Product Design Lessons

Intro to Foundation  |   Lesson #77

Let Your Voice Be Heard Through a Pull Request

Get tips for making meaningful, helpful GitHub pull requests.

Open source projects like Foundation are the results of thousands of gradual improvements. And while contributions can improve any open source product at GitHub, some changes are more helpful than others. Here's how to make a successful contribution, or pull request, to an open source product — and be part of something great.

What is a pull request?

Pull requests are changes you make to a copy — not the original — of a project at GitHub. Once made, you can submit your changes to be reviewed by the project's owners. If your changes are approved, the project's owners will "merge" them in to the project itself.

That approval project is crucial. When you make a change to a Git repository, pull requests tell people what you did and when. Far from a "big brother" situation, pull requests help everyone understand what happened at a given time to discover, "aha, yesterday's change affected what I'm trying to do now."

There are plenty of good guides about the technical aspects of making a pull request. Next we'll talk about what makes a good one.

Boosting your chances: What makes a useful PR

Good pull requests make sense weeks or months after they're submitted. When you submit a pull request to a project, it needs to be thorough and descriptive without going overboard. You need to describe your intent as well as your code changes. That's not always easy to do. Here are guidelines to follow:

  • Include samples, if possible. A line of actual code is worth ten lines of description. Give or take.
  • Describe how to reproduce the problem. Being able to break down the problem and test solutions is vital to getting something fixed without making the problem worse.
  • Tell where the problem exists. In Foundation's case, that means naming the troubled component.
  • Don't commit many files with only one description. Dozens of files with changes are difficult to decipher — and describe — in a single pull request.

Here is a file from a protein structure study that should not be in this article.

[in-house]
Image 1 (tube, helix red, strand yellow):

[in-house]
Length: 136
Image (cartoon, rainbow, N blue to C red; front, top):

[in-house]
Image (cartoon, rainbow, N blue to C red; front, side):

• Don't revise an entire branch without documenting what you're up to. That way if the project's owner has to undo the change — a process called "rolling back" — they don't have to completely wipe out every change you made.

Examples of bad pull requests

Title: "Fix the 'push button on submit' problem"

Description: (none)

Problems: Vague title, no description. To quickly merge code into a project, we need to know why the change is necessary — for example, how we can reproduce the issue and how it negatively affects users.

Title: "@if should not be on same line as its curly braces"

Description: " @if should not be on same line as its curly braces"

Problems: Description repeats the title, rendering it useless. The statement is a matter of opinion. While the author might have a good point, that point isn't backed up with facts or examples.

Title: "Unusual requests for the grid"

Description: "a while back I wrote a blog on a more advanced grid, and I thought it would be useful so here it is. If you are using the grid …"

Problems: Unasked for information and the wrong venue. GitHub is not Medium.

Title: "JS, firefox do not setup value in input"

Description: "OS X, Firefox. Browser will not put value to form field."

Problems: Not enough of the right kind of information. We need to know what component this regards, as well as what's happening and — once again — how to replicate the problem.

Examples of good pull requests

Title: "Abide rejects URLs with encoded characters"

Description: "Putting this URL into form results in an error from Abide:"

Good: Concise description says what it needs to, and no more. As a bonus, it provides an example of the problem.

Title: "@else should be placed on the same line as the previous curly brace"

Description: "Adds clearing functionality, including preloading and auto-documentation. Also fixes problems with unit testing. This is great for testing in the component mixins."

Good: Explains why the change is important with definite examples.

Title: "Select list issue with ajax"

Description: "I have a drop-down select list that, after onMouseUp, is supposed to change an adjacent set of radio buttons via AJAX. However, onMouseUp it deletes all radio buttons from the DOM — except for the first. My code works OK until I add Foundation Forms, v5.4.1. See for sample code."

Good: Provides expected results and the error, plus a link to the sample code. Also describes when the problem started — right after adding a particular component.

Each request may seem trivial, but they add up fast. Hundreds of minor, but well-written, changes conspire to make their project great as well.

About the instructor


Ben Gremillion is a Design Writer at ZURB. He started his career in newspaper and magazine design, saw a digital future, and learned HTML in short order. He facilitates the ZURB training courses.